In what was clearly a departure from both last Friday’s game against Michigan State, and the celebratory mood that surrounded the old barn tonight, the dour finish has left a bad taste in just about everyone’s mouth. Defensive collapses, a stagnant offense with several key players making little-to-no impact, and surprising lack of urgency late in games has doomed this season’s edition of Michigan Hockey. I refuse to apply any type of label to this team, as we are only 10 games or so into this young season, but I will say a lack of leadership, clutch goal-scoring, and general awareness of defensive play has got me concerned. I’ve been going to Yost since ’98, and never have I seen a series of games this subpar. Who will be there to provide the “anchor”? What is this team? Where are they going? We don’t know just yet, but Red can work wonders, and I firmly believe that this Michigan team, or any one for that matter, will never just lay down and call it quits. Yes, improvements need to be made, morales need to be raised, but it can be done.
In what was obviously a very brief post-game press conference, here are some quick snippets below.
Red on his team’s play…”Obviously, we’re not in a very good place right now. I liked how we started the game, it was a very tight game, and then we make some really bad plays late in the 3rd, and it killed us. One of our defenseman (Moffie) made a bad pass behind our net, and that gave them the lead. Will we panic? No, we won’t. But this team has to start making better decisions with and without the puck.”
Kevin Lynch on if the team is fighting confidence…”I wouldn’t call it confidence issues. I would say that we just had some tough plays in the 3rd period that really hurt us. We have a lot of talented guys, we know what we do can, but what’s really rough is that half the guys are playing well, the other half aren’t. We’re not putting together a full 60 minutes right now, and that’s extremely frustrating.”
- The first period started our really well for Michigan, with some quick chances with Copp generating several quality chances; Daniel Milne just missed setting up PDG with a sweet backdoor pass on the PP. Unfortunately, “just missed” became the theme of tonight’s game. On the other side of the puck, the PK did some solid work getting sticks in the passing lanes, and denying the Notre Dame forwards easy access to the blue line. Notre Dame opened the scoring with a wrister from the circle that Racine would probably like to have back; alongside Trouba, he was probably our best player tonight. Copp and Selman also earned their ice time with a handful of scoring chances that by themselves represented our offense for tonight. Yes, it was bad. I won’t get into a full recap, but I wanted to use this bullet to discuss the offense. I don’t know if this team has an offensive identity, or any kind of recognizable cohesion. Oftentimes, they appear lost, confused, and lacking hustle to get to loose pucks; Notre Dame routinely beat us to loose pucks, won battles along the boards, and outskated us tonight. I feel as though we lack the go-to scorer; other than AJ, who can we count on? Guptill and PDG often disappear for periods on end, and the freshmen are still finding their way around out there. Chris Brown’s absence is cavernous. The PP went 0-5, and was pedestrian and predictable in its execution. More movement is desired, please.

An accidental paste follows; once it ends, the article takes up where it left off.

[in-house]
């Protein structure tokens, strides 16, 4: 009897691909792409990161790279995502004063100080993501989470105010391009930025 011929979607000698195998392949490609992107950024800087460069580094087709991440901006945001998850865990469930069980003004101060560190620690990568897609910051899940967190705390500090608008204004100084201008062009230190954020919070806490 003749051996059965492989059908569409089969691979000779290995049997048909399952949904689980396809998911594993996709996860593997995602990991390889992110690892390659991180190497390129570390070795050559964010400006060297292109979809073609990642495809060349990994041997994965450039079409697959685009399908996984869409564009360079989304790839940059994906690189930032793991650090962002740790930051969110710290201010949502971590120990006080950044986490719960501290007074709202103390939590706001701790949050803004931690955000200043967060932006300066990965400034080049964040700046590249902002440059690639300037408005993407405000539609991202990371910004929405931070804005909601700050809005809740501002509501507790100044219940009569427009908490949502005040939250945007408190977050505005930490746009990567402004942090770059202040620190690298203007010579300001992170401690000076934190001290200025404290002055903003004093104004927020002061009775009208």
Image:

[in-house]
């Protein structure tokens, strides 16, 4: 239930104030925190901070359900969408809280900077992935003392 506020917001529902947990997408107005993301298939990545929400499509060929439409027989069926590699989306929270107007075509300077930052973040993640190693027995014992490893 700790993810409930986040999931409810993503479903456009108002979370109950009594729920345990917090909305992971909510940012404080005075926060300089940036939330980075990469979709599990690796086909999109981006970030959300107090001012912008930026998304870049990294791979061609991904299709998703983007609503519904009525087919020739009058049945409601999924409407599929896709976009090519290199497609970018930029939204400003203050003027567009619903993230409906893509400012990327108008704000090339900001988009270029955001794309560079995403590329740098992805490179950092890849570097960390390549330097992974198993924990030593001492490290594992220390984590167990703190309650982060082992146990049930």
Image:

- Jacob Trouba’s goal in the 2nd period may have escaped radar. Jack Johnson even tweeted about it. Trouba picked up a loose puck and deployed a rocket launcher into the top corner of the net. JACOB TROUBA, THE DESTROYER OF WORLDS.
- Defensive zone awareness of this team is its’ achilles’ heel, which is ironic, considering that before the season started, we all thought it’d be the strength. More than anything, I’m looking forward to Merrill bringing some veteran presence and stability to the pairings. We need it, SEVERELY. The defense is not physical enough, they don’t fend off forwards very well, and they’re not appearing to communicate and make the smart play out of the zone. As it turns out, for the majority of the time, the exact opposite occurs. A puck is passed right to the opposition; a no-look pass lands squarely on a forward’s stick; pucks that should be going out along the wall are instead sent right into traffic. DeBlois, Clare, and Trouba all contributed positively with active sticks to knock the biscuit out of harm’s way. But other than that…sheesh. Passes that didn’t connect to a teammate; blind feeds that went to Notre Dame forwards; odd-man rushes where Racine had to bail them out. Coup-de-gras had to be Moffie’s head-scratching giveaway that sealed the win for the Irish. As Racine plays the puck, he gives it to Moffie, who decided to backhand it right to the Notre Dame forward, who promptly deposited the puck into the cage. Not long after, Michigan’s defense is caught standing around again, and the Irish make them pay by firing a loose puck into the top of the net to put the nail in the coffin. In a few words: this blue line is oblivious and leaderless.
I try to be as honest and objective as possible, and I delivered that in my opening. I can’t recall a Michigan team playing this poorly in their own end. As I’ve grown and matured, I’ve made the effort to take off my Maize and Blue goggles more and more. But I will end by saying that this Michigan Hockey team is leaderless, mistake-prone, cannot finish games, and astounds you with some of its poor decisions. There is a lot of season left to be played, and certainly, time to fix what an awful start to the season this has been, losing games at home. The team needs to be sharper, focused on details, and communicating and doing what countless other Michigan teams have done to achieve success. In the words of one of those great sports cliches: one step at a time.